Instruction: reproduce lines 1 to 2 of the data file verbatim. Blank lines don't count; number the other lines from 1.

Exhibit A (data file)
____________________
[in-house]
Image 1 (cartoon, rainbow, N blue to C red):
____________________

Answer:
[in-house]
Image 1 (cartoon, rainbow, N blue to C red):